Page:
June 26, 2006
After many months of development, the TechAtlas for Libraries online course is now available on WebJunction. This modular course covers many different aspects of the TechAtlas tool suite, and allows you to focus on individual topics in any order that you like. It is not necessary to take the entire class; you can follow only those sections of the course that are relevant for your own use of TechAtlas (good for those of you who are time-challenged!)
Best of all, the course is free for all WebJunction members! You do need to be a registered WebJunction member to enroll in the TechAtlas class, but since WebJunction membership is also free, make sure to visit WebJunction's Self Registration page to create an account and get started if you haven't already done so.
June 20, 2006
Recently I used a tool called Gabbly, an online chat tool that can be added to any website. I'm thinking we could host live chat on TechAtlas for a limited number of hours each week for logged in users. Anyone logged in could chat, and we'd have a host online to help moderate and answer questions. I think it would be interesting to see what questions surface when people have an easy way to chat directly with someone. What would you think of a chat session on TechAtlas for librariese to be held on Friday mornings, 9am-12n? I'm thinking that having a designated timeframe would allow us to staff moderation adequately, and focus attention so we wouldn't have dead time. I'm thinking we that WebJunction can add Gabbly using the sitemanager content editor on the start page, providing a link when chat is to be active and removing it when it's inactive.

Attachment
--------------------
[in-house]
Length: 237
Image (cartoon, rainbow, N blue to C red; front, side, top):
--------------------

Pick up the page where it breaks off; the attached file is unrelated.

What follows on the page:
June 20, 2006
Over 3000 libraries completed the Library Technology Use Survey on TechAtlas. Here are the results. For a broader set of questions on more detailed technology issues, see the results of WebJunction's Basic Technology Assessment.
A couple stats that caught my attention were:
- Do you perceive a need or an interest in technology training from your library's patron community? Yes 72%, No 11%, Not sure 9%.
- Does your library currently provide public access computing (PAC) opportunities for your patrons? 93% Yes
June 13, 2006
While not strictly related to TechAtlas, the dPlan disaster planning tool is well worth mentioning as another great online resource for libraries. dPlan is a free, web-based tool made available by the Northeast Document Conservation Center (NEDCC) and the Massachusetts Board of Library Commissioners.
The general concept behind dPlan is similar to TechAtlas. The dPlan site provides an online template for you to fill out with critical information on disaster planning for your library, and allows you to print out a complete disaster plan, consolidating everything that you have entered online. dPlan has been receiving a lot of attention in the library community recently, and once you check out what the tool has to offer, you'll quickly understand why!
June 12, 2006
Thanks to those of you who submitted feedback around the proposed "network notebook" for TechAtlas. You gave us some great suggestions to mull over…
Our next area of design concentration is the TechAtlas Event Tracker tool, which we discussed during a WebJunction webcast last week (see the TechAtlas Online Learning Opportunities page for archived documents from that session). The following list presents Event Tracker enhancements that have been suggested to date – let us hear from you if you have additional suggestions on how we can improve the Event Tracker:
- Provide a read-only view of the list of Event Tracker events, so staff members can see what events have already been reported. The goal is to provide a way for staff to see what issues have already been logged in order to avoid duplication.
- Add a date sort ability on the Date column in the event table.
- Add an alphabetically sortable Work Area column to the event table.
- Add a text search function to the main Event Tracker page. This would allow the user to do a free text search on the Description and Resolution fields from each event, and optionally filter that search by values from the Event Type and Status fields.